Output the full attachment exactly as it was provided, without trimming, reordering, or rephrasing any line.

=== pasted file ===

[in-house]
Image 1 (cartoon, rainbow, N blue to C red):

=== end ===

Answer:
[in-house]
Image 1 (cartoon, rainbow, N blue to C red):